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August 12, 2003

Continuing with the story of the telephone in early day Perry, as reflected by The Perry Daily Journal's coverage of a Bell Telephone Company dinner in Perry on December 9, 1926. Here's some more of that story:

(John M. Noble, founder of Arkansas Valley Telephone Co. was the speaker at this point. Here's what The Journal had to say.) "Finally, Noble, who headed one group that applied for a charter here, took Westervelt, who headed a (competitive) group, into his business after Westervelt had bought out his friends for $25 to $35. Into this group came two other men, Bird McGuire and Ed Nimms, and the company was formed and Harry Shortman, who was in attendance (at the dinner), helped grant this franchise (to Southwestern Bell Telephone Co.)

"The first exchange was constructed in the Howendobler Drug Store (on the south side of the square) and there were something like 100 subscribers in the city who had signed contracts for service at $200 a month for business phones and $150 for residence phones. It took something over $500 apiece for each of the men interested to finance the company but it continued to grow from this time forward, later occupying the upper floor of what is now (in 1926) the Kirchner building (south side of square, now owned by Glen and Jill Zimmer). Some time afterwards the office occupied space over the building now (1926) occupied by the Townsend store, and in 1904 it was moved to its present location (presumably to the old Davis Furniture store, where the First Bank & Trust Co. is presently located).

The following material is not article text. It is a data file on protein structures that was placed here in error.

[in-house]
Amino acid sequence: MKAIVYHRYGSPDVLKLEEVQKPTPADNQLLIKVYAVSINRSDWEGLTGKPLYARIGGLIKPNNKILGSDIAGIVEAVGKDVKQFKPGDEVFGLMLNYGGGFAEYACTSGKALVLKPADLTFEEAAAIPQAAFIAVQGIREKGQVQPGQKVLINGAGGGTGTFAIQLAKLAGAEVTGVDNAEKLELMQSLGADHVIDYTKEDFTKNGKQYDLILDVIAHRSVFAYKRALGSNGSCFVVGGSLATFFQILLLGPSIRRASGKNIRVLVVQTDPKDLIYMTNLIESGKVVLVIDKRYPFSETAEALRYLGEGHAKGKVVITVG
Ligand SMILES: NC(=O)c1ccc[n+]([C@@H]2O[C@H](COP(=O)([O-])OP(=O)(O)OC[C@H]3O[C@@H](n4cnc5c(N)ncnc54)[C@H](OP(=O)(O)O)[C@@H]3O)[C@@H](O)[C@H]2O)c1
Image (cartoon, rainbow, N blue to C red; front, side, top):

"The first directory of the telephone company here was a mimeographed copy of names and Westervelt owns one of these lists and read the subscribers' names Thursday night. Arthur Wharton, the son of Lon Wharton, publisher of the first newspaper in Perry and the real founder of the present Perry Journal, became interested in the business after its organization and although he was only the bookkeeper he stated he spent much time over the books in the back office at night while the executive board was fighting over some serious matters relative to the phone business in their front office.

"Judge Sam Harris, present head of the legal department (in 1926) of the Southwestern Bell Telephone Company, became interested in the early phone company here by supplying the very badly needed $5 at a critical moment when the company's success depended on it. He marveled in his talk Thursday night (December 9, 1926) at the progress of Perry and of many changes here but declared that Perry would always be home to him."

More details on the establishment of the first phone company in Perry will follow.